Buying and selling carbon credits is being promoted as a way to pay for the preservation or expansion of forests, especially in Africa, Asia, and Latin America. Companies buy credits to “offset” their emissions of greenhouse gases by paying governments or landowners to preserve or restore ecosystems that sequester CO2.
California allows companies here to offset much of their emissions using carbon credits, which come mainly from conservation of forests in the US. They have not (yet) been allowed to buy credits based on conservation projects in the tropics. Buying and selling credits is a money-making industry in itself. Although it has been rocked by recent scandals over phony credits, Governor Newsom is still a defender of the offsetting industry.
These projects don’t actually reduce greenhouse gases: they just claim to balance continued emissions in one place with reductions elsewhere. Peer-reviewed studies have shown that most “reductions” from programs from these programs do not actually remove CO2 from the atmosphere. They create the impression that companies are taking action on climate change, but in reality they have no impact on global warming. Moreover, many of them have displaced Indigenous and other local populations or restricted them from using land they need for survival.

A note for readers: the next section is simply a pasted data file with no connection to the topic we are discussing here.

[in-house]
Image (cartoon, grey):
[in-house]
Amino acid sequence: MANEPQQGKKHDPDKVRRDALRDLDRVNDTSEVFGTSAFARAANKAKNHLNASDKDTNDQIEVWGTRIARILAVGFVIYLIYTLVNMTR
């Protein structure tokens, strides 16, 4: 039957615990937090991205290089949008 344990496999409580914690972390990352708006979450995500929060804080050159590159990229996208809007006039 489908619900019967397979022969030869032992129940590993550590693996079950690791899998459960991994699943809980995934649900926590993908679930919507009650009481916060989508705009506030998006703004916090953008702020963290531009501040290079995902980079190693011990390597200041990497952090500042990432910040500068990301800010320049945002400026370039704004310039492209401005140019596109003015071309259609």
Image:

Right now, US climate negotiators at the UN climate conference COP28 in Dubai are pushing to expand the use of offsetting as a global climate solution. One researcher who has studied these programs for years—Sunflower Alliance member Kathleen McAfee, Professor Emeritus, San Francisco State University—just published a brief report, “Carbon Markets Aren’t Climate Finance,” which explains the theory behind international offsetting and why so many climate scientists and grassroots organizations oppose it.
Also take a look at “Carbon Colonialism: Oil-Rich UAE Buys Up Large Swaths of Africa for Carbon Credits to Keep Polluting“ from a recent broadcast of Democracy Now, for a truly grotesque example of the cynical use of carbon markets by fossil fuel interests.